It is only possible to create a recursor like find- musical- object- onset directly, by supplying an iterator like find- element- onset with itself as functional argument, when the argument order of the predicate expected by find- element- onset (object followed by onset), is the same as the argument order of find- musical- object- onset itself.
 We warned against the use of extensive shadowing which makes code hard to understand. But its use is quite harmless in cases like these, where one method is needed to catch a very specific case, and all other cases can be treated in the same way.
 However, later we will show how the language can be extended on a meta level to program these restrictions ourselves
 The window facility that supported the view- draw- contents method, which inherits directly from the piano- roll- window class, could have been conceptualised as a neat mixin as well. We leave this as an exercise to the reader. But as a last refinement, because we foresee many more window mixins to be defined, we will have them all inherit from one class which can capture behavior common to all of them.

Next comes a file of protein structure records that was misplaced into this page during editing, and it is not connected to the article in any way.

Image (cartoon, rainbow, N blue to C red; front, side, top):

This is one of the main arguments one might have agains much over-enthousiastic hype on the claim that object oriented code is reusable: code is never reusable in itself without an enourmous amount of thinking, and rewriting code to evolve it into something more general and reusable is still often needed.
 A simple exception like this can have quite some consequences for the structure of the program. It is part of the art of programming (and of the stamina of the programmer in trying out different alternatives) to pick the best, least intrusive, solution out of the myriad ways in which these exceptions can be handled.
 All to often we see gory details of screen and window systems (e.g. the fact that their vertical axis increases downward) percolate into programs which would be much better of when one small interface between screen and domain takes care of translations, and all calculations can be done in terms of the aplication domain.